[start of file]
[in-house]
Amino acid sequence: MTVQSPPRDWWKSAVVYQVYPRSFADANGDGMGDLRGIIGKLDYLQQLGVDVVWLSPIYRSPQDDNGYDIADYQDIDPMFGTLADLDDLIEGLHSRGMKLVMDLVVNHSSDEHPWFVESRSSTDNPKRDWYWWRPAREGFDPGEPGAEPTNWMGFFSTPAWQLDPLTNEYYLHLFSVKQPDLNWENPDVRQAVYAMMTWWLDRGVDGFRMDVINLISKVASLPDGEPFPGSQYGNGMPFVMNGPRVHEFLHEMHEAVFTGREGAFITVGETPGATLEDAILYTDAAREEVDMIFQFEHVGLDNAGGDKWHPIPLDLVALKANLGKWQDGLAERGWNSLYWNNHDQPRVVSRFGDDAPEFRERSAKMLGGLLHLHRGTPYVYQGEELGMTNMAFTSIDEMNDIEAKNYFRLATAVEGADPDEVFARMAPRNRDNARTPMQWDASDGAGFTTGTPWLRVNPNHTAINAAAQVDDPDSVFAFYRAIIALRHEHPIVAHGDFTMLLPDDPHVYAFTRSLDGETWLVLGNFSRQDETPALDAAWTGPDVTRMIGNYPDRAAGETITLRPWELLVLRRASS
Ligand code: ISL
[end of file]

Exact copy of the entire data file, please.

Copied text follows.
[in-house]
Amino acid sequence: MTVQSPPRDWWKSAVVYQVYPRSFADANGDGMGDLRGIIGKLDYLQQLGVDVVWLSPIYRSPQDDNGYDIADYQDIDPMFGTLADLDDLIEGLHSRGMKLVMDLVVNHSSDEHPWFVESRSSTDNPKRDWYWWRPAREGFDPGEPGAEPTNWMGFFSTPAWQLDPLTNEYYLHLFSVKQPDLNWENPDVRQAVYAMMTWWLDRGVDGFRMDVINLISKVASLPDGEPFPGSQYGNGMPFVMNGPRVHEFLHEMHEAVFTGREGAFITVGETPGATLEDAILYTDAAREEVDMIFQFEHVGLDNAGGDKWHPIPLDLVALKANLGKWQDGLAERGWNSLYWNNHDQPRVVSRFGDDAPEFRERSAKMLGGLLHLHRGTPYVYQGEELGMTNMAFTSIDEMNDIEAKNYFRLATAVEGADPDEVFARMAPRNRDNARTPMQWDASDGAGFTTGTPWLRVNPNHTAINAAAQVDDPDSVFAFYRAIIALRHEHPIVAHGDFTMLLPDDPHVYAFTRSLDGETWLVLGNFSRQDETPALDAAWTGPDVTRMIGNYPDRAAGETITLRPWELLVLRRASS
Ligand code: ISL